Dozens killed in attack on Libyan police school

Libyan officials say a truck bomb has killed at least 60 policemen and wounding at least 200

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A bomb attack on a police training centre in Libya's western city of Zliten has killed and wounded dozens of people, local media reports said Thursday.

Libyan officials say a truck bomb has killed at least 60 policemen and wounding at least 200.

No one claimed responsibility for the bombing Thursday, but a local ISIS affiliate has been trying to spread to Zliten from its central stronghold of Sirte.

Zliten Hospital spokesman Moamar Kaddi says rescue crews have they only managed to extract 60 bodies out of the wreckage, and Libyan officials said they believed there might be dozens more dead.

Speaking anonymously in line with regulations, a security official said the camp was used by border police.

Libya has been beset by chaos since the 2011 overthrow of longtime dictator Muammar Qaddafi and the Islamic State of Iraq and Syria (ISIS) group has been gaining increasing influence.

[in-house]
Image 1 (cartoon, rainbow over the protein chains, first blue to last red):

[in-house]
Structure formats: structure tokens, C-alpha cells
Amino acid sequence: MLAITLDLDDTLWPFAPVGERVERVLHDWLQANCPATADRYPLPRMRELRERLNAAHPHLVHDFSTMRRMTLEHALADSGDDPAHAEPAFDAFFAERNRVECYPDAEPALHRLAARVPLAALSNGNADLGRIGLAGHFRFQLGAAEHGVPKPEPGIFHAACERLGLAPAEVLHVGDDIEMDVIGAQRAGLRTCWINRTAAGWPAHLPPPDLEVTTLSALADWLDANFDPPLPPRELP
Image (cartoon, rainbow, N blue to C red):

The U.N. envoy to Libya, Martin Kobler, said on Twitter that the blast was a suicide attack.

"I condemn in the strongest terms today's deadly suicide attack in Zliten, call on all Libyans to urgently unite in fight against terrorism," he wrote.

Libya has had rival administrations since August 2014, when a militia alliance overran Tripoli, forcing the government to take refuge in the east.

The United Nations is pressing both sides to accept a power-sharing deal.

On December 17, under U.N. guidance, envoys from both sides and a number of independent political figures signed a deal for a unity government, but the agreement has yet to be implemented.

World powers fear Libya could descend further into chaos and become a stronghold of ISIS on Europe's doorstep.

ISIS has in recent days launched a series of attacks on oil facilities in eastern Libya, pushing east from the group's coastal stronghold of Sirte.

Officials have warned of crippling consequences for the country if the jihadists manage to seize control of Libya's oil resources.

Oil is Libya's main natural resource, and the country sits on reserves estimated at 48 billion barrels, the largest in Africa.

(With The Associated Press)

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